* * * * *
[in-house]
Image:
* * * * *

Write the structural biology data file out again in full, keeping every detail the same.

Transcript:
[in-house]
Image: